on 21 March 2011
The second in a series of eight under the overall title of "Eight Paths of Magic", this book explores the role of the shaman, from the perspective of British Shamanism. As a British Pagan with Druidic leanings, I can imagine that the series will also appeal to most Druids.
There is no real introduction, which is a pity, but the book begins with an interesting discussion of "What is a Shaman?", which includes clear explanations and talk, and defines shamanism neatly as: "A magical/religious practice during which the shaman enters a trance state in order to enter a realm of non-ordinary reality beyond everyday consciousness in order to encounter spirits". The author emphasises that everything the Shamam learns comes through personal experience, and that all understanding comes through practise. As a pagan, these ideas touch the core of my understanding, and resonate with my worldview, making me want to read more.
Throughout the 8 chapters which follow, there are examples, stories, and myths from the British and European traditions, very refreshing considering the focus of the book is primarily British Shamanism. Shamanic methods such as the use of trance, gateways, shape-shifting, fairies and spirit helpers, are covered, and two of the longest chapters deal with animal powers and plant allies. The author really shows her vast knowledge here, drawing upon stories and myths from a wide range of sources in order to provide long, helpful descriptions of the qualities of each in turn. A fascinating insight into an area of interest to me!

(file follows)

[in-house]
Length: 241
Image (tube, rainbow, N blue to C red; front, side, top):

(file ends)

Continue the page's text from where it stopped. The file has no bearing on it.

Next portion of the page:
The book is clear and well written, and the illustrations are just divine. It gives a good grounding in some of the most basic Shamanistic concepts, and does not restrict itself to Britian. Unfortunately there is no further reading section, which would have proved useful, nor is there an index giving further information on the author and her background. Overall a very intersting and useful read.